“I’ve been a puppet, a pauper, a pirate, a poet, a pawn and king,” sang the guy who knew what each word meant in his own life.
If you think about your life as a musical composition you might appreciate what Sinatra was singing about. A symphony is comprised of movements that savors where you presently are or moves you on to life’s next movement.
We can luxuriate being “king” but that title definitely has a “shelve life.” As of this writing, Queen Elizabeth II is the longest reigning leader in the world (with little power or authority but still lots of pomp) right behind Fidel Castro who recently passed away. (Both of them governed islands. Coincidence?!)
The magic of life in all its musical notes teaches and reinforces; teaches again and then reinforces once more – complete with sharp and flat notes that either others intone upon us or they’re the notes loudly playing in our own heads. (“Growing Pains,” anyone?)
Don’t worry about me taking each of those nouns apart and boring you with a list. But how about those times (As in, all the time?) when all those “Sinatra Nouns” play in our head.
“Puppet, Pauper, Pirate, Poet, Pawn, King.” (Should have chosen “Prince” for the last noun – symmetry, oh well.)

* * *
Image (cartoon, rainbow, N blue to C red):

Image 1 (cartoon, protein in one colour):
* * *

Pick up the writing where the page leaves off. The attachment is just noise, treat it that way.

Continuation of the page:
You’re at work and I’m at the altar at Mass and we enact a daily symphony of six movements in one resounding, unrepeatable performance.
Puppet, for the corporation we represent; Pauper for the payment we never think is enough; Pirate for retelling stories others told us and making them our own; Poet, we do have moments when the words spoken are truly ours; Pawn, who else can do our job either better or more cheaply and King, we’re the one doing it right now, this very moment and we love it.
All of this is accomplished in one or two sentences and said to a fellow employee on a typical morning and you walk away singing Frank’s next verse…
“I’ve been up and down and over and out
And I know one thing
Each time I find myself layin’ flat on my face
I just pick myself up and get back in the race..